• When Nicky is going over the hacked CIA files, Outcome and LARX are both listed.
    • David Webb joining Treadstone because he believed his father was killed by terrorists is similar to his backstory in the original novels where the death of his wife and two children during the Vietnam War led him into the world of covert ops.
    • Furthermore, an Emerald Lake is shown among the CIA projects. In the original novels, Operation Silverlake was the predecessor to Treadstone.
  • Never Trust a Trailer: The trailers make it look like the CIA only become aware of Nicky working with Bourne again when they meet up in Greece. In the actual movie, they go after her expecting her to lead them to Bourne.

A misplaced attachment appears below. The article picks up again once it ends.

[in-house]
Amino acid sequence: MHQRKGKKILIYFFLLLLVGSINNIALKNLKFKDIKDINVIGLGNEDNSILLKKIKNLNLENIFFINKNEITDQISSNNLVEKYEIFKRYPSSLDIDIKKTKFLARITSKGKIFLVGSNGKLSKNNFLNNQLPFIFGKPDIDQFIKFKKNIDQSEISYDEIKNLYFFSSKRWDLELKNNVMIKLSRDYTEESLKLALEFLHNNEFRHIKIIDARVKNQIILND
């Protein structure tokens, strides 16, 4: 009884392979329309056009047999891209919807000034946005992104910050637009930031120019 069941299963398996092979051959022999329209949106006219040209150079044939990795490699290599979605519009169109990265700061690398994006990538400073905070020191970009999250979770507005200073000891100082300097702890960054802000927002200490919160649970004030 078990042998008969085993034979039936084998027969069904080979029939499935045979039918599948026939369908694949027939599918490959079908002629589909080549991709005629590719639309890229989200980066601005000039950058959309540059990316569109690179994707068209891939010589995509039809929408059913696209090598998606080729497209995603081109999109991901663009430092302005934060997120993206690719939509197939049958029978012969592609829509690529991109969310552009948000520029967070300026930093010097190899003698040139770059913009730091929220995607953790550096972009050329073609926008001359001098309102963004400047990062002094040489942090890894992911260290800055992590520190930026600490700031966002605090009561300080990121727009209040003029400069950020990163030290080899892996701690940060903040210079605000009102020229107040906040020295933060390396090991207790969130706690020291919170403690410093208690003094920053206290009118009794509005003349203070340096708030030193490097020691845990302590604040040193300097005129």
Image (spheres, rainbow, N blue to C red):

• No Celebrities Were Harmed: Aaron Kalloor is a very clear Expy for Mark Zuckerberg.
  • No Endor Holocaust: Although Legacy touches on it somewhat, this film shows the fallout of Bourne and Landy exposing Blackbriar. Namely, many operatives had their cover blown and were compromised, including The Asset.
  • No-Holds-Barred Beatdown: The final battle between Bourne and the Asset is quite possibly the most brutal fight in the entire Bourne series.
  • No Name Given: The assassin known only as "the Asset". Similarly, while Iron Hand refers to the not-active Sinister Surveillance plan for Deep Dream, whatever the current assassination program that the Asset is a part of is not named. All we're told is that it's not Blackbriar any more.
  • Non-Action Big Bad: Dewey is in no physical shape to fight, usually having the Asset do his actions. That doesn't make him any less dangerous, and he constantly manages to stay a step ahead of Bourne.